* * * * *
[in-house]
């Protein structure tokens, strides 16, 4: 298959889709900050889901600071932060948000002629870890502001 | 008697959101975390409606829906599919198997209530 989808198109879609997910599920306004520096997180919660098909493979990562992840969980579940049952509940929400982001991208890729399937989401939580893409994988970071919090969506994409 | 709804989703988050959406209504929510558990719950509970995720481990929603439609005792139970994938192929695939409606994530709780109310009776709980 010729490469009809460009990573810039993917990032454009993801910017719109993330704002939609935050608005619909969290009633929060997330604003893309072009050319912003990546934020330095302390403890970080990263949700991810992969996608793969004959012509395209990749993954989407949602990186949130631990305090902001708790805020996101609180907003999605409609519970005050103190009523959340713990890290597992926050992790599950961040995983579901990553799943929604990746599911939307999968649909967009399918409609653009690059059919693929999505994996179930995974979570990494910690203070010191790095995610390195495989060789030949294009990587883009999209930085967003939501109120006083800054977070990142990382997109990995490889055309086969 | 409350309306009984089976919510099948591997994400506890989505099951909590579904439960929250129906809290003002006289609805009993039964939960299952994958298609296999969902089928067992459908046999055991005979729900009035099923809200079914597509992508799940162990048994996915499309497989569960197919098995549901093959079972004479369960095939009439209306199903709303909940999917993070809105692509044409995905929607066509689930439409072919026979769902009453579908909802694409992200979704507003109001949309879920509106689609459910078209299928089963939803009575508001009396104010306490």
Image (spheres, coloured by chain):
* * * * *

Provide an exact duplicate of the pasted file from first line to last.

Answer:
[in-house]
């Protein structure tokens, strides 16, 4: 298959889709900050889901600071932060948000002629870890502001 | 008697959101975390409606829906599919198997209530 989808198109879609997910599920306004520096997180919660098909493979990562992840969980579940049952509940929400982001991208890729399937989401939580893409994988970071919090969506994409 | 709804989703988050959406209504929510558990719950509970995720481990929603439609005792139970994938192929695939409606994530709780109310009776709980 010729490469009809460009990573810039993917990032454009993801910017719109993330704002939609935050608005619909969290009633929060997330604003893309072009050319912003990546934020330095302390403890970080990263949700991810992969996608793969004959012509395209990749993954989407949602990186949130631990305090902001708790805020996101609180907003999605409609519970005050103190009523959340713990890290597992926050992790599950961040995983579901990553799943929604990746599911939307999968649909967009399918409609653009690059059919693929999505994996179930995974979570990494910690203070010191790095995610390195495989060789030949294009990587883009999209930085967003939501109120006083800054977070990142990382997109990995490889055309086969 | 409350309306009984089976919510099948591997994400506890989505099951909590579904439960929250129906809290003002006289609805009993039964939960299952994958298609296999969902089928067992459908046999055991005979729900009035099923809200079914597509992508799940162990048994996915499309497989569960197919098995549901093959079972004479369960095939009439209306199903709303909940999917993070809105692509044409995905929607066509689930439409072919026979769902009453579908909802694409992200979704507003109001949309879920509106689609459910078209299928089963939803009575508001009396104010306490």
Image (spheres, coloured by chain):